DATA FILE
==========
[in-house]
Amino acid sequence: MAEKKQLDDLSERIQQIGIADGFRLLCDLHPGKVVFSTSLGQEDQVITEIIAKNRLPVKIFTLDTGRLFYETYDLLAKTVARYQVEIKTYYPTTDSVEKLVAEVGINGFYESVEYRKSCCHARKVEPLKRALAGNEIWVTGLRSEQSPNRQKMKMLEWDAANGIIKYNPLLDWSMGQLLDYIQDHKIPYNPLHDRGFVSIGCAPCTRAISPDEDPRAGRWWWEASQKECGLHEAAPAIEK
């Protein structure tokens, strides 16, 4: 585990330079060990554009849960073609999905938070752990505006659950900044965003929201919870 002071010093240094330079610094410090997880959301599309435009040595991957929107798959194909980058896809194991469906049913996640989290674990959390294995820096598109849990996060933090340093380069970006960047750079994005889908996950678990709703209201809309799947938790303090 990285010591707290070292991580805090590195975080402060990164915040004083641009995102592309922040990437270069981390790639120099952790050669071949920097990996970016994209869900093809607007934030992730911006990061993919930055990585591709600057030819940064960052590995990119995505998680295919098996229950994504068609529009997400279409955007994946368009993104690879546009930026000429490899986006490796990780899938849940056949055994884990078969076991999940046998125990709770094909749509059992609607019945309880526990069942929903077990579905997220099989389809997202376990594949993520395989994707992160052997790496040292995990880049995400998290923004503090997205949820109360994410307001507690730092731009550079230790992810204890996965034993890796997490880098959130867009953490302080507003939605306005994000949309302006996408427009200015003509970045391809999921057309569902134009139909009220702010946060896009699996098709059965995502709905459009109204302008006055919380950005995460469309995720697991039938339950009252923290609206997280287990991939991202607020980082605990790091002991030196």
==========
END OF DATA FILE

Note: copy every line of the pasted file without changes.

[in-house]
Amino acid sequence: MAEKKQLDDLSERIQQIGIADGFRLLCDLHPGKVVFSTSLGQEDQVITEIIAKNRLPVKIFTLDTGRLFYETYDLLAKTVARYQVEIKTYYPTTDSVEKLVAEVGINGFYESVEYRKSCCHARKVEPLKRALAGNEIWVTGLRSEQSPNRQKMKMLEWDAANGIIKYNPLLDWSMGQLLDYIQDHKIPYNPLHDRGFVSIGCAPCTRAISPDEDPRAGRWWWEASQKECGLHEAAPAIEK
């Protein structure tokens, strides 16, 4: 585990330079060990554009849960073609999905938070752990505006659950900044965003929201919870 002071010093240094330079610094410090997880959301599309435009040595991957929107798959194909980058896809194991469906049913996640989290674990959390294995820096598109849990996060933090340093380069970006960047750079994005889908996950678990709703209201809309799947938790303090 990285010591707290070292991580805090590195975080402060990164915040004083641009995102592309922040990437270069981390790639120099952790050669071949920097990996970016994209869900093809607007934030992730911006990061993919930055990585591709600057030819940064960052590995990119995505998680295919098996229950994504068609529009997400279409955007994946368009993104690879546009930026000429490899986006490796990780899938849940056949055994884990078969076991999940046998125990709770094909749509059992609607019945309880526990069942929903077990579905997220099989389809997202376990594949993520395989994707992160052997790496040292995990880049995400998290923004503090997205949820109360994410307001507690730092731009550079230790992810204890996965034993890796997490880098959130867009953490302080507003939605306005994000949309302006996408427009200015003509970045391809999921057309569902134009139909009220702010946060896009699996098709059965995502709905459009109204302008006055919380950005995460469309995720697991039938339950009252923290609206997280287990991939991202607020980082605990790091002991030196």